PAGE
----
Place de la Concorde, 1875 by Edgar Degas

Place de la Concorde was not commissioned and shows the artist's friends, writer Daniel Halevy and the artist Ludovic-Napoleon Lepic with his daughters. The artist has them participating in a casual scene at the famous Parisian square. Degas never painted any other picture with a similar composition. In need of money he sold his masterpiece to Vicomte Ludovic-Napoleon Lepic, and the painting remained unknown until the end of the century.

Place de la Concorde seems to draw from the operations of popular illustration more than other Impressionist paintings - in its willingness to make the politics of form a visible, rather than suppressed, text - even if it does so only obliquely, through placement, overlap, and erasure. As was first noted by Kirk Varnedoe, the black top hat of Viscount Ludovic-Napoleon Lepic...covers James Pradier's late 1830s sculpture of the city of Strasbourg, so recently lost to the Prussians, along with Alsace and Lorraine. The statue functioned as THE site of national mourning for Parisians during the Siege of Strasbourg in September 1870, the long and difficult Siege of Paris that winter, and especially after the annexation of Alsace-Lorraine by the newly founded German Kaiserreich in the spring of 1871. It was permanently overwhelmed with wreaths, garlands, and flags, in a gesture uncannily echoing Degas's placement of Lepic's hat.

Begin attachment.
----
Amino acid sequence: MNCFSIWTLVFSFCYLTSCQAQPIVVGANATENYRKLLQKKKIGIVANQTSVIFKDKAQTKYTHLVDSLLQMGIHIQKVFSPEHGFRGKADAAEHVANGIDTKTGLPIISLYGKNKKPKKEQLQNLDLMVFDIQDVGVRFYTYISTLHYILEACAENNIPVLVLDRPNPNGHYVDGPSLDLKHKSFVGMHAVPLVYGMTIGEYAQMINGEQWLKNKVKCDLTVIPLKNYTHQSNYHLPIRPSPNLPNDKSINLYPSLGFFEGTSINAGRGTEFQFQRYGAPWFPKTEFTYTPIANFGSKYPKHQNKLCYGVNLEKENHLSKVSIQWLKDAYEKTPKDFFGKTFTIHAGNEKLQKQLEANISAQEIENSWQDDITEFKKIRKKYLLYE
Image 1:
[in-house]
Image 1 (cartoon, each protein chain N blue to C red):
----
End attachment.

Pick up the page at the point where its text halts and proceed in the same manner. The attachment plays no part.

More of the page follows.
Yet it has escaped observation how profoundly the hat marries other elements in the painting with similar political resonances: the accentuations of right and left; the tricolor bowtie of the figure on the left; Lepic's red chest decoration that looks like the ribbon of the Legion d'Honneur. In the largely muted monochrome of the painting, these elements of bright color...stand out dramatically; they are meant to be noticed. The composition and sartorial choices are key to a full sociohistoric reading of the painting. ...Reading Degas's highly staged compositional devices from the viewpoint of its audience in about 1875, however, uncovers a range of new meanings for the painting.